The power of uncertainty for school leaders

I am writing this on the back of an article I read recently on The Guardian newspaper website which was entitled 'Prisoners are like CEOs - they're skilled at hiding low self-esteem' and for some reason this made me think of school leaders. The article was about a 'life coach' Clare McGregor who had spent most of her professional life working with CEOs, charity bosses and senior police officers. About five years ago she had taken a change of direction and had started working with prisoners in Styal women's prison in Cheshire. What she had identified was that both groups of clients were very skilled at hiding their low self-esteem and lack of confidence. 'Clients in prison can seem extremely confident, but that can be just a mask - just like people in the boardroom,' she noted. Again, I was reminded of myself and so many other school leaders I know, or have met, who harboured just the same uncertainties and lack of confidence about about their capacities and their roles at times, but who would be loath to admit it. They had also become very good at hiding, or masking these dips in confidence. A very experienced colleague, who had risen through the ranks of educational leadership, described it to me like this, 'I am always waiting to be found out.'

Let's face it, education has promoted and developed a culture for years where people have been discouraged from sharing their weaknesses or lack of confidence. This has been even more acute in regard to headteacher, principals and senior leaders. The headteacher or principal was seen as the pinnacle of the school-based hierarchy, and as the person expected to have all the answers and to know and understand everything that teachers, other staff, pupils and parent might encounter. Fortunately, we are little more enlightened and informed now and most of us understand the complete unreasonableness, and even the undesirability, of such lofty expectations. But there are still lots of schools and systems out there where school leaders, and others, sit in meetings, or lead meetings, and are not prepared to admit what they don't know or understand. It is still seen by many as a sign of weakness, or worse of trouble-making, for anyone to put their hand up and say 'sorry, I haven't a clue what you're talking about' or 'sorry, I am not fully understanding what it is you are saying,' or 'sorry, I don't know the answer to that.' Leaders are just as guilty of this as those they lead, and this is the result of a lack of confidence and trust, and is perhaps a reflection of a prevailing culture that mitigates against such openness.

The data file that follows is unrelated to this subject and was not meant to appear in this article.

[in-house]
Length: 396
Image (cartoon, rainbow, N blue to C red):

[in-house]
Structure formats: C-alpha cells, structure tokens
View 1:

Should we be concerned that school leaders are fallible, just like everyone else, and that they may be suffer from a lack of confidence and low self-esteem? Well yes we should, if as a result of these feelings they are unable to make a decision, to inspire those they lead, or to deal with all the competing and demanding aspects of their role. But, I actually think we need a level of self-doubt and questioning about our performance as leaders, if we are to lead in a way that takes people with us and allows all to flourish. Imagine the leader with no self-doubt, high self-esteem, and who sees themselves as the infallible font of all knowledge and the director of all actions. Would you really like to work for that person? I suspect they would be a nightmare, and I have met a few delude individuals like this, both in education and outside. I suspect such a leader might not score highly on emotional intelligence, and fail to see any reason why they should. They would 'not suffer fools gladly' (a phrase I hate!) and the 'fools' would be the ones who didn't agree entirely with them, or do exactly as directed by them. High-esteem and an absence of self-doubt are only a few short steps from dictatorship and megalomania in my book and we should be wary of the superconfident leader who actually believes in their super confidence and omnipotence. What we need are leaders who can display confidence and act when necessary, but who recognise they might not get it right all the time. Who recognise they will make mistakes, see that they do not need to know all of the answers, but who able to solve problems by tapping into the skills and expertise of those around them. Leaders who are prepared to admit and expose their vulnaribilties at times, because they also recognise themselves as  models for the behaviours they are looking to develop in those they lead. If the people you lead think it's is unsafe to admit what they don't know or understand then you have a closed and very unhealthy culture that is unlikely to promote growth in individuals or the organisation. Leaders need to identify the power of collaboration for themselves and those they lead, and recognise that by creating networks they are developing systems to help themselves and others.

I think we need  many qualities to be high performing school leaders, and perhaps one of the most important is self-doubt and questioning. Having those checks and balances protects ourselves, and others, from the excesses and challenges of leadership, and helps us remain human and realistic in our  expectations of ourselves and of those we lead.


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